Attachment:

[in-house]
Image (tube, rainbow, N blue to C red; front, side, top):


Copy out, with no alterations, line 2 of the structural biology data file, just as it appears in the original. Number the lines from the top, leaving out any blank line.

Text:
Image (tube, rainbow, N blue to C red; front, side, top):